Thread: tff to bff with avisynth

1. Is it easy to convert from TFF to BFF with AviSynth? Is the avs script below a proper way to convert from tff to bff?
Code:
LoadPlugin("drive:\path\to\DGDecode.dll")
MPEG2Source("drive:\path\to\dgindex project.d2v")
AssumeTFF
SeparateFields()
Trim(1, 1000) # from a total of 1000 frames
Weave()
AssumeBFF
Or there is a better way to convert from tff to bff than the method in the above avs script?
2. No. Your sample is not correct. It doesn't change the physical relationship of interlaced fields, it changes only the way an editor or player reads the field order.

Why ?
3. Gonna have to disagree. The posted script implements the SeparateFields().Trim(1,0).Weave() method which does alter the image and not just the metadata. Note, codemaster, that "0" at the end of the Trim command lets you select the last frame of the video without cutting anything.

Are you doing this to align out-of-phase 25i material?
4. I disagree again. If the original field order was really BFF, the results of the routine are an incorrect alteration. The original file doesn't change unless it is overwritten with the new data -- and it's rather difficult with many operating systems to read and write to the same file at the same time. The O.P. didn't say whther a desired correction was being made, therefore my post ended with: "Why?".
5. That script will convert a TFF video to BFF. Another method is to shift the frame up (or down) by one scan line:

Code:
# YUY2 or RGB video
Crop(0,1,-0,-0) # remove top scan line
AddBorders(0,0,0,1) # add one scan line to the bottom
But that doesn't work with YUV 4:2:0 sources, they have to be converted to YUV 4:2:2 or 4:4:4 (or RGB 4:4:4) first, incurring some blurring of the colors:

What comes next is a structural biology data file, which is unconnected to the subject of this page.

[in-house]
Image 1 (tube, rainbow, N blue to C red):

Code:
# TFF (or BFF) interlaced YV12 video
ConvertToYUY2(interlaced=true)
Crop(0,1,-0,-0) # remove top scan line
AddBorders(0,0,0,1) # add one scan line to the bottom
# TFF converted to BFF (or BFF converted to TFF)
ConvertToYV12(interlaced=true)
6. That's what I was trying to get at. Thanks for the code. I looked everywhere.
7. Originally Posted by sanlyn
Why ?
Because I'm trying to edit a DVD in a NLE such as Premiere or Vegas, and the most popular solution seems to be to transcode to DV, and since standard DV is BFF, I wanted to know how to properly convert from tff to bff, in avisynth, so that I can transcode to DV bff with ffmpeg, using the avs script as input.

I could leave it TFF and transcode to lossless Lagarith, but that means I'll have to use this:
Code:
Levels(0, 1, 255, 16, 235, coring=false)
which reduces the contrast considerably.

I could leave it TFF and not transcode it, but with mpeg 2 clips in Vegas Pro 8, scrubbing is very slow, ram usage is so high that there is not enough ram left for rendering, project opens too slow. And Premiere Pro CS3 accepts the mpeg 2 files, scrubbing is fast, but project opens too slow, some frames have weird green and red artifacts, and Premiere never stops conforming the mpeg files.

Therefore, I arrived at the following conclusion: